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Welcome to the Environment Portal
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Introduction

A biophysical environment is a biotic and abiotic surrounding of an organism or population, and consequently includes the factors that have an influence in their survival, development, and evolution. A biophysical environment can vary in scale from microscopic to global in extent. It can also be subdivided according to its attributes. Examples include the marine environment, the atmospheric environment and the terrestrial environment. The number of biophysical environments is countless, given that each living organism has its own environment.

The term environment can refer to a singular global environment in relation to humanity, or a local biophysical environment, e.g. the UK's Environment Agency.

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Participation in the Kyoto Protocol: dark green indicates countries that have signed and ratified the treaty, yellow indicates those that have signed and hope to ratify it, and red indicates those that have signed but not ratified it.
Kyoto Protocol is an amendment to the United Nations Framework Convention on Climate Change international treaty on climate change, assigning mandatory emission limitations for the reduction of greenhouse gas emissions to the signatory nations. The Kyoto Protocol establishes legally binding commitments for the reduction of four greenhouse gases (carbon dioxide, methane, nitrous oxide, sulphur hexafluoride), and two groups of gases (hydrofluorocarbons and perfluorocarbons) produced by "Annex I" (industrialized) nations, as well as general commitments for all member countries. It works on an emission allowance scheme.

Kyoto includes defined "flexible mechanisms" such as Emissions Trading, the Clean Development Mechanism and Joint Implementation to allow Annex I economies to meet their greenhouse gas (GHG) emission limitations by purchasing GHG emission reductions credits from elsewhere, through financial exchanges, projects that reduce emissions in non-Annex I economies, from other Annex I countries, or from Annex I countries with excess allowances. In practice this means that Non-Annex I economies have no GHG emission restrictions, but have financial incentives to develop GHG emission reduction projects to receive "carbon credits" that can then be sold to Annex I buyers, encouraging sustainable development. In addition, the flexible mechanisms allow Annex I nations with efficient, low GHG-emitting industries, and high prevailing environmental standards to purchase carbon credits on the world market instead of reducing greenhouse gas emissions domestically. Annex I entities typically will want to acquire carbon credits as cheaply as possible, while Non-Annex I entities want to maximize the value of carbon credits generated from their domestic Greenhouse Gas Projects.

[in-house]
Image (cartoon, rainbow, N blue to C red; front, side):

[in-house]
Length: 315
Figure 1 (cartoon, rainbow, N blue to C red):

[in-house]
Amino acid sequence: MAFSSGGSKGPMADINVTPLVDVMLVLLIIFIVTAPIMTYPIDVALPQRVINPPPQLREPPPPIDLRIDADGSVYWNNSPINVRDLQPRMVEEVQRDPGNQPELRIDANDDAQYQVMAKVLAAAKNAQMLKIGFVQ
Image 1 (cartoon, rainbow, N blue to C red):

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Current events

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David Attenborough
Sir David Frederick Attenborough is one of the world's best known broadcasters and naturalists. His career as the respected face and voice of British natural history programmes has endured more than 50 years and is widely considered one of the pioneers of the nature documentary. He is best known for writing and presenting the eight "Life" series. In 2007, Attenborough presented "Sharing Planet Earth", the first programme in a series of documentaries entitled Saving Planet Earth.

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Irrigation in the Heart of the Sahara.jpg
Credit: NASA
Irrigation in the Sahara Desert.

Irrigation is the artificial application of water to the soil usually for assisting in growing crops. In crop production it is mainly used to replace missing rainfall in periods of drought, but also to protect plants against frost. Additionally irrigation helps to suppress weed growing in rice fields. In contrast, agriculture that relies only on direct rainfall is sometimes referred to as dryland farming or as rain fed farming. Environmental problems such depletion of underground aquifers, ground subsidence, buildup of toxic salts on soil surface in areas of high evaporation, overirrigation and the possibility of water pollution.

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Logo for Green Peace
Greenpeace, originally known as the Greenpeace Foundation, is an international environmental organization founded in Vancouver, British Columbia, Canada, in 1971. It is best known for its campaigns against nuclear weapons and campaigning against whaling. In later years, the focus of the organization turned to other environmental issues, including bottom trawling, global warming, ancient forest destruction, nuclear power, and genetic engineering. Greenpeace uses direct action, lobbying and research to achieve its goals. Greenpeace has national and regional offices in 46 countries worldwide, all of which are affiliated to the Amsterdam-based Greenpeace International.

The global organization receives its income through the individual contributions of an estimated 3 million financial supporters, as well as from grants from charitable foundations, but does not accept funding from governments or corporations. It is often the subject of criticism and ridicule for supposedly over-the-top protesting.

On its official website, Greenpeace defines its mission as the following:

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Franklin Roosevelt
A nation that destroys its soils destroys itself. Forests are the lungs of our land, purifying the air and giving fresh strength to our people.

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